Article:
Although the etiology of stuttering remains obscure, hypothesis regarding the breakdown of motor speech control is central to current theories of the etiology of stuttering. Given this perspective, stuttering is characterized by disruptions in speech motor behavior (repeated or prolonged articulatory and phonatory actions) that result in the breakdown of speech fluency (sound and syllable repetitions, sound prolongations, blocks and broken words) (Max, 2007). Ever since the studies of Orton (1928) and Travis (1931) several researches have as a recurring theme the neurophysiological bases for stuttering, trying to find possible differences in cerebral dominance between fluent and disfluent individuals. Researchers have speculated about potential involvement of aberrant neural processes in the onset and development of stuttering. Much of the earlier research into the nature of these hypothesized brain processes was based largely on the use of behavioral observations and electromyographical measures (Conture et al., 1985, De Nil and Abbs, 1991, Freeman and Ushijima, 1978, Kelly et al., 1995, MacFarlane and Prins, 1978, McClean, 1987, McClean et al., 1984, Reich et al., 1981, Smith et al., 1996, Smith and Luschei, 1983, Zimmerman, 1980a and Zimmerman, 1980b) Functional brain imaging techniques such as positron emission tomography (PET) or functional magnetic resonance imaging (fMRI) provide a further approach to the investigation of the cerebral correlates of speech motor control. Brain imaging by PET or single-photon emission computed tomography (SPECT) studies of stutter probands have already been successful in identifying candidate regions of interest that distinguish affected from unaffected individuals. So far, these studies have indicated interhemispheric functional asymmetry, i.e. in fluent speakers the activation for speech and language is predominantly from the left hemisphere, whereas for stutterers activation is diffuse or predominantly to the right. Permanent hypometabolism of the left caudate has also been identified, and it has been observed that in the individual who stutters this basal ganglion is almost 50% less active than in fluent speakers. Apparently there is an alteration in the activity of the cerebellum circuit components in individuals who stutter, in comparison with fluent individuals. This is aggravated when using spontaneous speech, whereas this activity becomes normal in a situation of induced fluent speech (e.g. reading in chorus). When compared to fluent individuals, stutterers demonstrate cortical hypoactivity of the areas associated with language processing (primary auditory cortex and Wernick area) and hyperactivity of the areas associated with motor functions (e.g. Andrade et al., 2001, Foundas, 2001, Ingham et al., 1996, Kroll and De Nil, 2000, Sandak and Fiez, 2000, Van Borsel et al., 2005 and Wu et al., 1995). Studies with fMRI have indicated relative changes in activity or laterality between stutterers and fluent controls. The meta-analyses of these studies highlighted three neural signatures that seemed more or less specific to the stuttering group: overactivation of motor areas, including the primary motor cortex, pre-motor area and cingulum; predominantly to the right in the frontal operculum and anterior cingulum; absence of activation in auditory areas bilaterally; and overactivation in the vermal region of lobule III of the cerebellum (Brown, Ingham, Ingham, Laird, & Fox, 2005). Auditory processing is a single factor among many potential contributing variables associated with stuttering (Rosenfield & Jerger, 1984). In stuttering research, altered auditory feedback (AAF) is a collective term for conditions that involve electronically altering the speech signal so speakers perceive their voice differently from normal. Numerous studies have demonstrated that stuttering frequency is often immediately reduced in response to AAF (e.g. Howell et al., 1999, Lincoln et al., 2006, Stuart et al., 2004, Van Borsel et al., 2003 and Van Borsel et al., 2007) Given that PET studies during speech have indicated a failure to show the normal activation of auditory cortical areas in stuttering individuals, it is possible that fluency enhancing devices and techniques, i.e. delayed auditory feedback (DAF), frequency altered auditory feedback (FAF), masking and speaking in chorus, is not a result of those modifications by themselves, but of their common role in providing external auditory stimulus to facilitate activation of the auditory cortex (Max, 2007). During the 90s, a later occurring component of the late cortical response, the P300 event-related potential, received considerable attention as a possible tool for investigating cortical mechanisms related to auditory processing (Suzanne, Kelly, & Thorne, 2001). Measurements of evoked electrical potentials at the scalp are a widely used approach to the study of speech sound perception. The P300 is a complex event-related potential component occurring between 300 ms and 600 ms post-stimulus onset in response to a low probability stimulus, often elicited by a simple oddball principle (Polich & Kok, 1995). P300 amplitudes are related to factors such as stimulus probability, quality, and duration, and are associated with attention and task relevance (Hall, 2006). The amplitude of the P300 is affected by attention and memory load and is subject to habituation and reduction in repetitive tasks, indicating that the P300 may reflect neuronal activity related to focusing on new and/or novel information and updating working memory. The P300 is an endogenous potential, dependent on internal factors, and can provide insight into underlying cognitive processes. (Alonso-Prieto et al., 2002a, Alonso-Prieto et al., 2002b, Hampton and Weber-Fox, 2008 and Kibbe-Michal et al., 1986). In the early 90s evidence was presented, by using combined magnetoencephalography and magnetic resonance imaging, suggesting that the insula and auditory cortical areas of the superior temporal lobe are major sites of generation of the P300 response (Rogers et al., 1991). Therefore, P300, might provide valuable information related to hemispheric processing in stutterers (Peñaloza-López, Tellez, Pérez-Ruiz, Silva, & Garcia-Pedrosa, 2008). However, results have been contradictory. Ferrand, Gilbert, and Blood (1991) found no differences between stutterers and nonstutterers in the latency of P300 response while Morgan, Cranford, and Burk (1997) found that P300 were higher in amplitude over the left hemisphere than the right hemisphere, suggesting auditory processing differences in stutterers for non-linguistic pure-tone stimuli. Hampton and Weber-Fox (2008) found that the P300 mean amplitudes elicited in adult stutterers tended to be reduced overall compared to fluent individuals, suggesting the possibility of weaker updates in working memory for representations of the target tone stimuli in stutterers. Other studies, using brain-evoked response testing, revealed no relationship between brainstem-evoked response and severity of stuttering (Blood & Blood, 1984) and presented heterogeneous findings, regarding cortical hemispheric differences, for stutterers (Rosanowski et al., 1998). The purpose of the present study was to investigate the relationship between stuttering amelioration and cerebral activity. P300 event-related potentials were obtained pre and post-treatment in order to investigate changes in signal amplitude and in the latency between waves.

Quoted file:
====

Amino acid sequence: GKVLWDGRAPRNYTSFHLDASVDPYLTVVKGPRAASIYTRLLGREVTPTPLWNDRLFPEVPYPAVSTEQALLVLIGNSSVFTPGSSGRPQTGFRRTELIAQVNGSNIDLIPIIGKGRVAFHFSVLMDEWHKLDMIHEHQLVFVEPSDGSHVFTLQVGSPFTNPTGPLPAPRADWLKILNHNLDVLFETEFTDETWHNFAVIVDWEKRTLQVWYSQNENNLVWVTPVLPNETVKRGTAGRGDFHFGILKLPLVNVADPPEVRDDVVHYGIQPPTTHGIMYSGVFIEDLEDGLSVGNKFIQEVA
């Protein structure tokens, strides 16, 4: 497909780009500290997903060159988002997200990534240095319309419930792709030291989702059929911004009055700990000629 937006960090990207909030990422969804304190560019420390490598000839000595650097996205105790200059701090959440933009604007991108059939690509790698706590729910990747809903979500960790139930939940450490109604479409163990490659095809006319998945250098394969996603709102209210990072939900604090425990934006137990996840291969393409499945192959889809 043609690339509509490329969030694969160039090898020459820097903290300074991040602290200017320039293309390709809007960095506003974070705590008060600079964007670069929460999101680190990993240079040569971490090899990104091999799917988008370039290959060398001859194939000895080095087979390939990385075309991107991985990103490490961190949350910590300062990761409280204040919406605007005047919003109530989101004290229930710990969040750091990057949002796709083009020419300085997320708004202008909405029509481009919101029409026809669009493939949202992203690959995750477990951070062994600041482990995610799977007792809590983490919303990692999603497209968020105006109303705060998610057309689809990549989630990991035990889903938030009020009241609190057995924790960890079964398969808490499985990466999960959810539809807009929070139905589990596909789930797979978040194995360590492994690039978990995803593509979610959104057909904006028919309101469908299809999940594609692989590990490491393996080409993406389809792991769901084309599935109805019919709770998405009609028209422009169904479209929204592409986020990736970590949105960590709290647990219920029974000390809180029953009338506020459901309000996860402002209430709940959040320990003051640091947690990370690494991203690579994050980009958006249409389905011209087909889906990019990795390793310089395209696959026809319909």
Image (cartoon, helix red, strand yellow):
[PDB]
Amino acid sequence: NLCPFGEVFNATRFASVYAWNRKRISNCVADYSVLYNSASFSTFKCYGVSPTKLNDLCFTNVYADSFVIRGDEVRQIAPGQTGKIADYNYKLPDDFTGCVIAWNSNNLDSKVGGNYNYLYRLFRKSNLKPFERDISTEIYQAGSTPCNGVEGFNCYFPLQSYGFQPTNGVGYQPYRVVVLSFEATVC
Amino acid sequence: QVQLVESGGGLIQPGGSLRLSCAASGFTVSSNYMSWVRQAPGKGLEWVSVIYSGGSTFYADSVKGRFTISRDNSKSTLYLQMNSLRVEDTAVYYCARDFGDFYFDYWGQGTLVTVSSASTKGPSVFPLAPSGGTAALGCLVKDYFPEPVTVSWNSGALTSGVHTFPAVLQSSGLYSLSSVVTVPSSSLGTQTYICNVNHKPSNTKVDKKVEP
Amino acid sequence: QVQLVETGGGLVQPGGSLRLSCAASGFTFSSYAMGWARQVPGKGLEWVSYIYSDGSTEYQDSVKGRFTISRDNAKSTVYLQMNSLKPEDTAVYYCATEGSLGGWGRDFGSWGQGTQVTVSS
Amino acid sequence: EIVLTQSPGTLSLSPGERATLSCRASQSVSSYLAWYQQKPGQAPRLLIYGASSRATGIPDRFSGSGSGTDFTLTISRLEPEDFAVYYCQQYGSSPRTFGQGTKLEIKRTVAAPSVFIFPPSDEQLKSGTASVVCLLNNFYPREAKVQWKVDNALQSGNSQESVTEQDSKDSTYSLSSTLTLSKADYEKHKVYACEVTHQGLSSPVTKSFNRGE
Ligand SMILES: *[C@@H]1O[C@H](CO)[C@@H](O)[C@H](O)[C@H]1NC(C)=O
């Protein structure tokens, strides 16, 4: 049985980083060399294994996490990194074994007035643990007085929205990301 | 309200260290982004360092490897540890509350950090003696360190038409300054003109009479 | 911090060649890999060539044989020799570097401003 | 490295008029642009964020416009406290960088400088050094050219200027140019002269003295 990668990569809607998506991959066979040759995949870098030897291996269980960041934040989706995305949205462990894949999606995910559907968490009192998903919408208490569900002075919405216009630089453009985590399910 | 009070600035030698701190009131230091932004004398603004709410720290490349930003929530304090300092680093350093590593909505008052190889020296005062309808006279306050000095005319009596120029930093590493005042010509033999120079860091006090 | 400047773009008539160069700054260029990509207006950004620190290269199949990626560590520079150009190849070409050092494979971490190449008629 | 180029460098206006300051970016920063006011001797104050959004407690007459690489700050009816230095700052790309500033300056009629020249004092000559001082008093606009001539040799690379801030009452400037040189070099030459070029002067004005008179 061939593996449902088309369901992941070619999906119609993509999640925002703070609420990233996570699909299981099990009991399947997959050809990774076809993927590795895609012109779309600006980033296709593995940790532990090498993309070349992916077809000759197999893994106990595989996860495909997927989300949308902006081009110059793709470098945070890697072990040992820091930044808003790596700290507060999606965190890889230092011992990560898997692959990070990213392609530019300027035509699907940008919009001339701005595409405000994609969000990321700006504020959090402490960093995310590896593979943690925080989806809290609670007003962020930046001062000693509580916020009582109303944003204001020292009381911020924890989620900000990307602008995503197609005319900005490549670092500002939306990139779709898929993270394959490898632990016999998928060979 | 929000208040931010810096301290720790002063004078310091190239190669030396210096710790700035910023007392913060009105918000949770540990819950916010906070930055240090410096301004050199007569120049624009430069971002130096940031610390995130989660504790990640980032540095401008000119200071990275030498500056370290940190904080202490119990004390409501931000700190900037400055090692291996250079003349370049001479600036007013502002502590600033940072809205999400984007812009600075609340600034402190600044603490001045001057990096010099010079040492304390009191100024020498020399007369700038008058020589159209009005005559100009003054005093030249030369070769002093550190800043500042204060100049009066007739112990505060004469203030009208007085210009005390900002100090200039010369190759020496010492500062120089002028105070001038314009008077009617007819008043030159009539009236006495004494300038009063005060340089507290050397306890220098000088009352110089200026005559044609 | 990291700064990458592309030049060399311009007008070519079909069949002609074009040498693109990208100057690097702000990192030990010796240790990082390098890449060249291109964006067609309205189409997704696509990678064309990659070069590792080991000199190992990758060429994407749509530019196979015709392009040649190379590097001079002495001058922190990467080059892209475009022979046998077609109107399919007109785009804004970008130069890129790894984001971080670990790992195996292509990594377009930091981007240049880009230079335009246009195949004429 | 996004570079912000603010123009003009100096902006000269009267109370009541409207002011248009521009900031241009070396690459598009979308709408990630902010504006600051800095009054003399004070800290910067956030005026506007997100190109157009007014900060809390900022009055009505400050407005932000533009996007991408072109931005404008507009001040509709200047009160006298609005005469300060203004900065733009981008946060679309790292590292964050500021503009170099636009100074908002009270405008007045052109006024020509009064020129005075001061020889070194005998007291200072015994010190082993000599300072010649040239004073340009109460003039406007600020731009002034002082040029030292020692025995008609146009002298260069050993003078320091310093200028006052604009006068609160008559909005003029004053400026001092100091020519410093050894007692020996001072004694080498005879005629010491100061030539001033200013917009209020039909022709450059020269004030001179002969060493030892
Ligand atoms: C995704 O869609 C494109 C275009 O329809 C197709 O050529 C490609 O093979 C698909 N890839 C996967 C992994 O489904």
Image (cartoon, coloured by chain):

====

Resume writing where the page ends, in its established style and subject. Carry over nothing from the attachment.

نتیجه گیری انگلیسی
Considering the limitations of the study, results suggest, to some extent, that a motor based stuttering treatment program can have an impact in cognitive processes (i.e. attention and memory involved P300 testing). Although P300, as already mentioned, does not give the exact site or sites of cerebral activation, the results of this study have suggested that differences in interhemispheric activation patterns can be measured pre and post treatment. Future studies should focus on investigating whether this type of testing can really differentiate individuals for whom therapy was successful from those for whom therapy was not effective. It would also be interesting to investigate if for those individuals who present improvement in both latency and wave amplitude, results of speech measurements are more stable in a long term follow-up (indication of a better maintenance).